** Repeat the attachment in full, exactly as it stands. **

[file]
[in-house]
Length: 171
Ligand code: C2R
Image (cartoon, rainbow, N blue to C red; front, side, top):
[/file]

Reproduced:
[in-house]
Length: 171
Ligand code: C2R
Image (cartoon, rainbow, N blue to C red; front, side, top):